Monday, April 15, 2013

Oskar Blues G'Knight Red IPA

A few months back, I was wondering the aisles of a local beer and wine store, looking for wines to pair with courses for one of our wine club dinners.  As I was looking for Riesling Sekt Trockens and Marsannes, I came across a display and beer tasting for Oskar Blues.   Located in Longmont, Colorado, Oskar Blues is one of the craft brewers to fully embrace the use of cans for its beers.  At the time, canned beer was seemingly the province of the Anheuser-Busch or Miller.  You were more likely to find Busch Light or Budweiser cans, than any craft beer.  Although I do not know whether Oskar Blues was the first craft brewer to can its beers, I do know that its beers are perhaps most the most commonly associated with cans rather than bottles. 

Back to that beer tasting, I did what everyone else did ... sample the whole range of Oskar Blues beers.  I was very familiar with some of the brewery's standards, like Dale's Pale Ale and Mama's Little Yellow Pils.  There was one beer that I had not seen before.  It was the G'Knight, an Imperial Red Ale.  I've tried all sorts of imperial beers, from imperial porters to imperial white beers, but an imperial red beer is rather unusual. I have previously tried a couple of Imperial Red Ales, like the Nosferatu and the Monstre Rouge, and, I decided to give the G'Knight a try.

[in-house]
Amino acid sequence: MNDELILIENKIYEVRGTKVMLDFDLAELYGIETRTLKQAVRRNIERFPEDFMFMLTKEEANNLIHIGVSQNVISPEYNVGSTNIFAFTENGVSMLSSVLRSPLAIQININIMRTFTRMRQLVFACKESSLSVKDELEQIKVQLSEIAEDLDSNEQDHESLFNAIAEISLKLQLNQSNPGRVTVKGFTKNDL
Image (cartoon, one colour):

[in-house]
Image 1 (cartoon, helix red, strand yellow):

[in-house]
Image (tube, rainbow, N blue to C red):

Oskar Blues brewed this Imperial Red Ale in tribute to a fellow Colorado craft beer pioneer and Vietnam vet who died fighting a 2002 wild fire outside of Lyons, Colorado.  The brewers describe their “Velvet M-80” as "a hefty, dry hopped double-red ale with a nose full of aroma, a sticky mouthfeel, a malty middle and unctuous hop flavors." 

The G'Knight pours a nice reddish amber color, with a thick, slightly off-white foam.  The aromas are hop-driven, with some pine and resin up front, followed through by some sweeter elements, like caramel, which are from the malts used in the production of the beer.  The taste of this beer is very hop-centric.  The hop flavors are more toward the piney and resinous, rather than the citrus.  What is interesting is that, while I found there was a lot of hoppiness to this beer, some reviewers seemed more preoccupied with the malt flavors.  To them, the beer was more malt-driven than hop driven.  While I could definitely taste the bready and caramel flavors provided by the malts, I would not classify this red ale as a malt-driven beer.  I guess this is to be expected given reviewing beers has a substantial subjective component to it.

In any event, the G’Knight is a rather big beer, with an 8.7% ABV and 60 IBUS.  The beer is sold in four-packs for about $10.99.  For detail about the craft beer pioneer and Vietnam Veteran for whom this beer is dedicated, check out:


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